We get the word “koan” from Zen Buddhism, where in Japanese it translates literally as “a matter for public thought,” sort of an open-source philosophy for ancient times. Koans often demonstrated the inability of logical reasoning to produce enlightened thought, and, as a trained lawyer and insurance clerk throughout his life, no one knew the deadening effects of logic better than Franz Kafka. Writing was his escape, his meditation, and, fittingly, Meditation was the title of his first published work, released in 1913. While all 18 koans inside are very much worth enjoying, it’s the shortest of them all – the penultimate “Die Bäume,” or “The Trees” – that I’d like to read as a meditation on typography.
The first of its three sentences plays with our expectations, our human predisposition to empathize. Kafka writes from the first-person plural, “we are like tree trunks in the snow,” and we, the readers, picture ourselves as such. No sooner have we done this when Kafka shifts tenses to the third-person: “they lie sleekly.” We are no longer in the trunks’ position. The shift seems illogical. Looking more closely at the first sentence, it now appears to be only a fragment beginning with “for,” like the second half of a thought. And the thought itself is not explicit, but metaphorical. Everything is twice-removed, yet “wedded to the ground,” immobile.
Kafka’s words are not intended to be logical, and they have as many interpretations as they do readers. But several readers have suggested that the “we” in the first sentence is not a human “we” but a set of printed letters. For many, including myself, the voice at the start of “The Trees” belongs to Kafka’s letters themselves, speaking directly to the reader: “we are like tree trunks in the snow.” Picture a field after a recent snowfall. Think of the straight, almost runic lines of the fallen boughs. Approaching them, they seem like characters from an unused alphabet. Just as with the wispy marks on a printed page, it seems as if they could be easily brushed aside: “a little push should be enough to set them rolling.” It is not, however, as Kafka reminds us, “They are firmly wedded to the ground.”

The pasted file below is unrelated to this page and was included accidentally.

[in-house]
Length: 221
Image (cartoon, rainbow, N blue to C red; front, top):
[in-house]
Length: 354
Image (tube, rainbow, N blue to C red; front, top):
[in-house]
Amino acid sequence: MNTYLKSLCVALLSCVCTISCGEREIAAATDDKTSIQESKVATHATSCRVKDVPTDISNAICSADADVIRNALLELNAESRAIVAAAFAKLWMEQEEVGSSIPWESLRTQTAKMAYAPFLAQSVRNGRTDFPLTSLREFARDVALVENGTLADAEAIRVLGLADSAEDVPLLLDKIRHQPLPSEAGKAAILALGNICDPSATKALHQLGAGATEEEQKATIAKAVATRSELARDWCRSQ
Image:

Historically, there is a direct relationship between our letters and the trees. Apart from having “leaves,” our word for “book” comes from the German word for beech trees, on which many runes were originally carved. Wood type, made by cutting letters from trees, is a practice as old as printing itself. As early as 2900 B.C., pictographic signs were influenced by the shape and rigidity of trees when Sumerian scribes began shaping styluses from the woody reeds that grew abundantly in marshy Mesopotamia. The blunted ends of these styluses were carved into a wedge Latin – giving the script Cuneiform its name.
A passage in George Jean’s book Writing: The Story of Alphabets and Scripts on Cuneiform gives a clue to the meaning of the final sentence of “The Trees,” where Kafka seems to remove meaning just as quickly as he’s hatched it. Jean writes that in Cuneiform, “each sign could have several different meanings, depending on context; the sign that represents a human foot could be understood as ‘to walk,’ ‘to stand up,’ ‘to move,’ and so on.” Our signs, so loaded with meanings, may conjure much in a single stroke. As soon as the picturesque image of a field in winter has entered our mind, Kafka is quick to remind us that it does not exist. It is merely an image in our minds, made by letters on a page and the writer who wrote them. The image’s existence is a metaphor for the shape of language, but it is only one of many metaphors. When Kafka’s letters spoke, they described not their true form, but a ghost of that form, an apparition, like a spirit in the trees.